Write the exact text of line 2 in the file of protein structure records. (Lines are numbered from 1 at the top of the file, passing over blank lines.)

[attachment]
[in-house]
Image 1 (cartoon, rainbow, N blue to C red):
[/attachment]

Image 1 (cartoon, rainbow, N blue to C red):